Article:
The primary goal of the project is to enhance secondary mathematics teacher education for pre-service teachers by developing, implementing and disseminating resources from a four-course curriculum that brings together the study of mathematics content and pedagogy. Three of the courses are problem-based technology enhanced (PBTE) courses in Algebra and Calculus, Geometry, and Probability and Statistics. A fourth course is a capstone course in Teaching and Learning Secondary School Mathematics.
This project enhances and expands video-based instruction to help prospective and practicing teachers analyze the development of children's mathematical thinking. It trains teachers to: (a) understand from a cognitive developmental psychology perspective how children learn and think about mathematics; (b) assess children's mathematical knowledge and plan instructional activities accordingly; (c) develop an evidence-based understanding of effective and developmentally appropriate teaching methods and curricula; and (d) develop a basic understanding of key mathematical concepts.
The Conference Board for the Mathematical Sciences (CBMS) is collaborating with the U.S. Department of Education to host a forum in Washington, DC designed to launch action for change in mathematics education based on the recommendations of the National Mathematics Advisory Panel. This forum will focus specifically on the following four areas: teachers and teacher education, learning processes, instructional material, and standards of evidence—research policies and mechanisms.
This project integrates the informal and formal science education sectors, bringing their combined resources to bear on the critical need for well-prepared and diverse urban science teachers. The study is designed to examine and document the effect of this integrated program on the production of urban science teachers. This study will also research the impact of internships in science centers on improving classroom science teaching in urban high schools.
CLUSTER (Collaboration for Leadership in Urban Science Teaching, Evaluation and Research) is an NSF-funded TPC project. Its partners are The City College of New York (CCNY), New York Hall of Science (NYHS), and City University of New York’s Center for Advanced Study in Education (CASE). It aims to develop and research a model designed to increase and improve the pool of secondary science teachers who reflect the ethnic distribution of city students and who are prepared to implement inquiry-based science instruction.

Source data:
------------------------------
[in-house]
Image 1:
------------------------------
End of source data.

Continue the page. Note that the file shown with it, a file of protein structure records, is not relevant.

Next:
CLUSTER Fellows are undergraduate science majors in New York City. They are recruited, trained, and certified to teach science in New York City middle and high schools. They participate both as students in the CCNY Teacher Education Program and as Explainers in the NYHS Science Career Ladder. Their experiences in class and at the NYHS are integrated and guided by a conceptual framework, which emphasizes science as an active process of discovery where ideas are developed and constructed through meaningful experience.
CLUSTER aims to produce generalizable knowledge of interest to the field regarding the growth and development of perspective teachers in an experiential training program and to assess the impact and value of the CLUSTER model.
AMTE is the largest professional organization devoted to the improvement of mathematics teacher education—it includes over 1000 members devoted to the preservice education and professional development of K-12 teachers of mathematics.